Accented Pleasures

Updated: May 10, 2020, 07:58 IST | Paromita Vohra | Mumbai

My favourite sketches are of Pyaari Bakri and Gopal the Goat, featuring Cow-shik the Cow. They are full of appallingly excellent puns like "why you are looking like rogan, no josh?"

Illustration/Uday Mohite
Illustration/Uday Mohite

Paromita VohraI am a committed fan of Danish Sait's lockdown videos. Formally, these videos with their minute observational detail of how a variety of people discuss the lockdown (like a man saying to his cook "Jaya, you're not a maid. You're a mermaid") are pithy commentaries on social attitudes, without the self-importance of social commentary. Because of their intense goofiness—Sait wearing a huge moustache as a beauty-parlour deprived woman, using tissue boxes, Bacardi bottles and dumb-bells to represent cellphones—even the most pointed comment dissolved by laughter, is taken, without sticking meanly in your throat.

My favourite sketches are of Pyaari Bakri and Gopal the Goat, featuring Cow-shik the Cow. They are full of appallingly excellent puns like "why you are looking like rogan, no josh?" The story is a proper rom-com, starting with mouth-watering mutual insults, GG admitting his love with, "I'm in love with the sheep of you" and PB being a jealous cat about, well, a cat. With Eid, will their story end like Qayamat Se Qayamat Tak? I'm keeping hausla and preparing myself. But my love for PB, is also personal.

Pyaari Bakri, I could listen to you all day, because you speak in Dakhni. I've lived in Secunderabad. "Kya dillagi karen ji" will switch on my dreamy smile in a second. But, it also reminds me of my Chawal mama who spoke in Dakhni. Not really my uncle, but a close friend of my parents from their Air Force days. I changed his name from Shahul to Chawal with my baby accent, and it became a pet name. Chawal mama told stories, especially of being hoodwinked or bamboozled, with the incipient giggle, self-deprecation and your-deprecation, the delight in outlandish behaviours and atranga characters, even those who wronged you, which come bundled with Dakhni, and make its musciality delicious. He teleported this humorous self-awareness into English. Pyaari Bakri, saying, "Gopal, kaiku itna chindi dikhra", instantly reminds me of Chawal mama exclaiming "that fellow, woh toh rascal nikla sweetheart!" Such humour sees two sides, one's own misfortune and its comedy, laughing at behaviour, not individuals.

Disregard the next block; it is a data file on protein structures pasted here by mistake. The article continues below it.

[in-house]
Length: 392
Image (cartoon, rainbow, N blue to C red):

It makes life an eccentric, liveable adventure.

I love accents. They bring out the idiomatic taste of language, the way coriander stems highlight a gravy's tendency. The distaste people have for (non-firangi of course) accents, yaniki snobbery, is so #BoreMatKarYaar. Snobs look down on people who say pijja or pis-za instead of peet-za, as provincial. Anything more provincial than snobs? Their palate cannot recognise the salty heaven of an overloaded Haji Ali pis-za, the joyful corruptions in chance encounters of languages, food, music—yaniki creativity in undesignated locations.

Imitating accents is tricky. Done generically, crude outlines of sound, it becomes a way of not knowing; of stereotyping to mock and diminish. Accents done precisely, require attention to a language's entire idiom, its way of being—context. It becomes a way to know and enjoy particularity and difference.

Paromita Vohra is an award-winning Mumbai-based filmmaker, writer and curator working with fiction and non-fiction. Reach her at paromita.vohra@mid-day.com

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